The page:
I recently watched my coworker disassembling a pc using only one tool. Was it the right tool for the job? Yes and no. It was the tool he had… it worked, however, there is definitely several tool out there that could have made the task easier! This example is certainly one that many fiber optic installers know all too well. As being a gentle reminder, how many of you have used your Splicer’s Tool Kit (cable knife/scissors) to get rid of jacketing or even slit a buffer tube and then make use of the scissors to hack away at the Kevlar? Did you nick the glass? Did you accidentally cut through the glass and have to start over?
Correctly splicing and terminating SZ stranding line requires special tools and methods. Training is very important and there are many excellent causes of training available. Do not mix your electrical tools together with your fiber tools. Use the right tool to do the job! Being proficient in fiber work can become increasingly necessary as the importance of data transmission speeds, fiber for the home and fiber towards the premise deployments continue to increase.
Many factors set fiber installations besides traditional electrical projects. Fiber optic glass is extremely fragile; it’s nominal outside diameter is 125um. The least scratch, mark or even speck of dirt will change the transmission of light, degrading the signal. Safety factors important since you will work with glass that may sliver into your skin without being seen through the human eye.
Transmission grade lasers are very dangerous, and require that protective eyewear is essential. This industry has primarily been coping with voice and data grade circuits that may tolerate some interruption or decrease of signal. Anyone speaking would repeat themselves, or perhaps the data would retransmit. Today we are dealing with IPTV signals and customers who can not tolerate pixelization, or momentary locking of the picture. All the situations mentioned are reason for the consumer to search for another carrier. Each situation could have been avoided if proper attention was provided to the methods used when preparing, installing, and looking after Fiber drawing machine.
With that in mind, why don’t we review basic fiber preparation? Jacket Strippers are utilized to eliminate the 1.6 – 3.0mm PVC outer jacket on simplex and duplex fiber cables. Serrated Kevlar Cutters will cut and trim the kevlar strength member directly underneath the jacket and Buffer Strippers will eliminate the acrylate (buffer) coating from your bare glass. A protective plastic coating is applied to the bare fiber following the drawing process, but just before spooling. The most typical coating is actually a UV-cured acrylate, which is applied in 2 layers, resulting in a nominal outside diameter of 250um for your coated fiber. The coating is highly engineered, providing protection against physical damage caused by environmental elements, such as temperature and humidity extremes, contact with chemicals, point of stress… etc. while minimizing optical loss.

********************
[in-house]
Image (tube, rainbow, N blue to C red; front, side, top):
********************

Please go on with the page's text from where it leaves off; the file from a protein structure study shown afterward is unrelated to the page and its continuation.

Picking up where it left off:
Without this, the maker would struggle to spool the fiber without having to break it. The 250um-coated fiber is the building block for most common fiber optic cable constructions. It is usually used as is, specially when additional mechanical or environmental protection is not required, including on the inside of optical devices or splice closures. For extra physical protection and easy handling, a secondary coating of polyvinyl chloride (PVC) or Hytrel (a thermoplastic elastomer that has desirable characteristics to use as being a secondary buffer) is extruded within the 250um-coated fiber, improving the outside diameter up to 900um. This sort of construction is referred to as ‘tight buffered fiber’. Tight Buffered might be single or multi fiber and are seen in Premise Networks and indoor applications. Multi-fiber, tight-buffered cables often can be used as intra-building, risers, general building and plenum applications.
A ‘Rotary Tool’ or ‘Cable Slitter’ can be used to slit a ring around and thru the outer jacketing of ‘loose tube fiber’. As soon as you expose the durable inner buffer tube, use a ‘Universal Fiber Access Tool’ which is designed for single central buffer tube entry. Used on the same principle because the Mid Span Access Tool, (that allows access to the multicolored buffer coated tight buffered fibers) dual blades will slit the tube lengthwise, exposing the buffer coated fibers. Fiber handling tools like a spatula or even a lqzgij may help the installer to access the fiber in need of testing or repair.
After the damaged fiber is exposed a hand- stripping tool will be used to eliminate the 250um coating to be able to assist the bare fiber. The next phase will likely be cleansing the FTTH cable production line and preparing it to be cleaved. An excellent cleave is among the most significant factors of creating a low loss on the splice or a termination. A Fiber Optic Cleaver is actually a multipurpose tool that measures distance through the end of the buffer coating to the stage where it will likely be joined and it also precisely cuts the glass. Never forget to employ a fiber trash-can for the scraps of glass cleaved from the fiber cable.